Days after Jenkens & Gilchrist’s announced its plans to shut down, Hunton & Williams has seized upon an opportunity to pick up 93 lateral attorneys for its core practice groups and expand its footprint in Texas.
With a Ph.D. in anatomy and a highly analytical mind, Denise M. Kettelberger found herself at the front of a wave of scientists called upon by the legal community to put their talents to work in the name of intellectual property law.
Though she has had a career peppered with important cases and high-profile representations, one of the things Vinson & Elkins’ Karen Hirschman is most proud of is her involvement in her firm’s women’s initiative.
Evidence of misconduct uncovered by auditors investigating Dell Inc.’s accounts has forced the computer maker to delay filing its financials with the U.S. Securities and Exchange Commission.
Pacific Lumber Co. is trying to boot out an environmental group leading a committee in its Chapter 11 case, claiming the group is “remarkably unrepresentative” of its unsecured creditors.
JP Morgan Chase & Co. on Thursday won the dismissal of a class action lawsuit alleging the bank had helped Enron Corp. hide fraud, after a Manhattan judge ruled that plaintiffs had failed to state a claim for relief.
Texas energy regulators have proposed levying a fine of $210 million on electricity provider TXU Corp. as punishment for illegal market manipulations during the summer of 2005.
Two former in-house attorneys of now-defunct Enron Corp. participated in the massive accounting fraud at the energy company by intentionally omitting transactions from financial statements, according to a lawsuit filed by the U.S. Securities and Exchange Commission.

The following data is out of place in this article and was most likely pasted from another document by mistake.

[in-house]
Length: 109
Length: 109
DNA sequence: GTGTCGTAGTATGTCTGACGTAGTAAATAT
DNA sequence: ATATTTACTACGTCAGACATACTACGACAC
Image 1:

When private equity firms Texas Pacific Group and Kohlberg Kravis Roberts & Co. needed legal representation in the $45 billion deal to acquire Dallas-based utility TXU, they turned to the energy lawyers at Vinson & Elkins, a firm that’s been focused on energy work since 1917.
Investors accused by securities regulators of insider trading in relation to the purchase of energy company TXU Corp. by private equity firms have once again had their assets frozen by a federal court.
Computer giant Hewlett-Packard Co. has filed a patent infringement lawsuit against Taiwanese rival Acer Inc., accusing the smaller company of infringing five patents for a variety of personal computer functions.
A group of gas companies has lost its bid to add new claims to its complaint that bankrupt energy giant Enron Corp. shirked certain underground natural gas contracts, with a federal bankruptcy court on Tuesday denying the group's motion for additional discovery.
After surviving summary judgment, Forgent Networks Inc. is barreling closer to facing off with its opponents in front of a jury as the battle over a highly litigated patent for video playback technology prepares to take center stage.
Washington, D.C. law firm Howrey LLP has expanded its ability to handle antitrust cases in New York with the addition of a new compliance and litigation partner recruited from rival Simpson Thacher & Bartlett.
British Petroleum PLC has been slapped with four additional lawsuits by residents and employees who claim they were injured when the company’s Texas oil refinery exploded in March 2005.
A lawsuit filed by business software maker Oracle Corp. accusing German competitor SAP AG of wide-scale corporate theft could prompt criminal and civil actions against the company or “rogue” individuals acting on their own behalf.
A Texas court has granted O2Micro International Ltd.’s request for a permanent injunction against four companies it sued for patent infringement in 2004, rejecting a claim that the plaintiff intentionally withheld material information from the U.S. Patent and Trademark Office.
In a boost for State Farm, a federal district judge has denied class action status to one of the suits seeking recompense from the insurer for property damage inflicted by Hurricane Katrina.
The Supreme Court debate on Monday over a 96-year-old precedent that established the current statutes governing vertical minimum price-fixing focused not on the precedent itself, but rather on the implications of overturning the ruling and shaking the foundations of antitrust law.
Medical malpractice insurance payouts have risen dramatically due to growing health care costs and an increasing effort by attorneys to litigate claims over only the most severe injuries, according to a Department of Justice study released Sunday.